Beginning in March 2013, the European Union will ban the import and sale of any cosmetics that were tested on animals. According to Time magazine, the ban isn’t just on makeup and other beauty products, but also includes toiletries such as shampoo, toothpaste and soap.

The ban, approved by a wide margin in 2003 by the European Parliament, was initially set to begin in 2009. While industry lobbyists managed to effectively delay that vote for a few more years, Time reports, animal rights groups such as Cruelty Free International finally look to gain satisfaction from their efforts to see the ban imposed.

With the EU now firmly on board the anti-testing bandwagon, will the rest of the world follow suit? Or are European consumers – who comprise the world’s largest cosmetics market – an altogether different breed? And does the EU ban look to affect the U.S. beauty market?

The many fronts of the cosmetic wars

As might be expected, U.S. activist groups aren’t holding their breath to find out the answers to those questions. Some of their concerns extend beyond the issue of animal testing:

  • According to The Campaign for Safe Cosmetics, some U.S. cosmetics laws have been in place since 1938. In addition, “Loopholes in U.S. federal law allow the $50 billion cosmetics industry to put unlimited amounts of chemicals into personal care products with no required testing, no monitoring of health effects and inadequate labeling requirements. In fact, cosmetics are among the least-regulated products on the market.”
  • On its web site, The Humane Society of the United States asks, “How many animals suffered or died to test the shampoo and soap you used today? Many of the products that people use on a daily basis are tested on dogs, rabbits, mice and other animals. The good news? It’s never been easier to find cruelty-free products.”
  • Similar statements have been made by other groups interested in seeing the U.S. cosmetic industry clean up its act. And in other parts of the world, such as Canada and Israel, action is underway that echoes the EU’s ban.

Moving beyond lipstick on a pig

But with the U.S. yet to impose anything resembling a ban, it’s difficult to predict whether the EU’s actions, coupled with those of other countries, will amount to much of a global effect. Just last year, in fact, America’s powerful personal-care product lobby led the fight to defeat a Congressional bill that would have extended oversight of at least some products to the Food & Drug Administration.

There’s also the question of whether American consumers care enough to demand “cruelty-free” products – or whether most Americans even know that the manufacturing of beauty products can involve animal testing. A quick Google search reveals plenty of web sites dedicated to getting the message out about the issue, including some that provide “cruelty-free” brand names and/or hints for discerning purchases (such as reading the ingredients listed on the label). While there’s no way to know for certain, the “cruelty-free” movement seems to be on the radar only where one might reasonably suspect: urban areas and the Internet.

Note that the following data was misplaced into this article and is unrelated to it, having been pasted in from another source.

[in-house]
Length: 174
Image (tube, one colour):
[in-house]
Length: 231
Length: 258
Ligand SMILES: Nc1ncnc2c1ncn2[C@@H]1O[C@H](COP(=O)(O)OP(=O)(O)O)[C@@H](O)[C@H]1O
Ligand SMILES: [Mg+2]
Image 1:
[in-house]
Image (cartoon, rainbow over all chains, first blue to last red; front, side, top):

That’s not to say that activist groups like People for the Ethical Treatment of Animals (PETA) aren’t doing what they can to bring the issue before the public. Just a few days ago, PETA announced that three American cosmetic companies – Avon, Mary Kay and Estee Lauder – have resumed animal testing for some of their products. Not in their own U.S. labs, according to PETA, but by paying for the testing to be done at the demand of the Chinese government, which “requires tests on animals before many cosmetics products can be marketed in China.”

PETA further reports that “Mary Kay had taken some steps to work with officials in China, and at our urging, promised to continue this effort—but Avon and Estee Lauder appear to have gone along with the painful animal tests without objection.” The fact that the Chinese haven’t exactly been known to pay even scant attention to the rest of the world’s concerns regarding most anything complicates the issue even further. The former Sleeping Giant has been ruinously awake and active for some years now, flouting worldwide standards and polluting the planet as much as it pleases. The EU ban likely won’t extend beyond the Great Wall anytime soon.

When all is said and done, though, the EU’s ban may yet end up having a significant effect on U.S. beauty-related exports. Cosmetic companies that wish to sell to Europe will now have to comply with its new prohibitions. Soon enough, there might not be much of a reason to produce cosmetics that incorporate animal testing. The EU currently bans hundreds of chemicals used in cosmetic production. The U.S.-based chemical and animal activists might well take notice and finally team up. Then, some mainstream media attention to the issue – beyond the occasional story (or blog post!) – might focus consumer attention that’s apparently still waiting to be awoken.

At that point, a U.S. law banning animal testing of cosmetic products would seem only the logical thing to do. For even the most gridlocked of Congresses.

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